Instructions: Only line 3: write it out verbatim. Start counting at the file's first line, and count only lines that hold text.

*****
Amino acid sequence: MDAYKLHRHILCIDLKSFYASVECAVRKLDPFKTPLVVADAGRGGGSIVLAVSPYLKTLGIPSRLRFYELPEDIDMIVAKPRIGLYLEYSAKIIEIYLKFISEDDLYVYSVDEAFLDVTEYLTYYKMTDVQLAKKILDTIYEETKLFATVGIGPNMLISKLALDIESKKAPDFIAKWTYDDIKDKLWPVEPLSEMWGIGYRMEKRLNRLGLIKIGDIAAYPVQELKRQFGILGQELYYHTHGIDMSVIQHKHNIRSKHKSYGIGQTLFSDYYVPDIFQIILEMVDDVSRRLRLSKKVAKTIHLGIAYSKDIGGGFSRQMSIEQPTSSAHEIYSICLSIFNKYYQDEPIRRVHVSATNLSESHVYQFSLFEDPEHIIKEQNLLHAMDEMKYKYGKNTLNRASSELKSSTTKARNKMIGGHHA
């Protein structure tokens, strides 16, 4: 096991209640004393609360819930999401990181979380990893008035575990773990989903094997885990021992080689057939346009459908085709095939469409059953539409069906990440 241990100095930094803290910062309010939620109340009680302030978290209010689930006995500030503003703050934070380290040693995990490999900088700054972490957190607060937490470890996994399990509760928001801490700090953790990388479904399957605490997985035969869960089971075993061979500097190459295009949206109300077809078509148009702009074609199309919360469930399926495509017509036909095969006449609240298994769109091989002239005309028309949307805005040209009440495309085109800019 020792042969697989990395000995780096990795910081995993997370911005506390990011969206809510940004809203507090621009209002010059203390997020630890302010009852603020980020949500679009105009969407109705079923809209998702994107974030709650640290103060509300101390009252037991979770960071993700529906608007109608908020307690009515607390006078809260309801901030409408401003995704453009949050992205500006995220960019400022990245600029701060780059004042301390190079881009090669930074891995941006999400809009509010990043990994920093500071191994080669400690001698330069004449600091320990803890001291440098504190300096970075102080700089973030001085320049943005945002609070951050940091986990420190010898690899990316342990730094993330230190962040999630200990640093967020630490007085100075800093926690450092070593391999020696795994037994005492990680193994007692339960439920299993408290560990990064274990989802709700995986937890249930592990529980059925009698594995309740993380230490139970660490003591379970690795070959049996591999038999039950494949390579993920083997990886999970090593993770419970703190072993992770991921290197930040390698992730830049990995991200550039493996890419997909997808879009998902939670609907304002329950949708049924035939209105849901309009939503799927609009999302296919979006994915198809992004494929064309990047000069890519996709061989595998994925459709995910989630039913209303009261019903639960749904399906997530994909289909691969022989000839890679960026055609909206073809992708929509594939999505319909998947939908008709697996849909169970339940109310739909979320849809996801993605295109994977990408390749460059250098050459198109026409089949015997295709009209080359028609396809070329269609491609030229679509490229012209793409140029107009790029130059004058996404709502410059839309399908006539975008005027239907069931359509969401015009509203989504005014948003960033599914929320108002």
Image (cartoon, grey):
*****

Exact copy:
Image (cartoon, grey):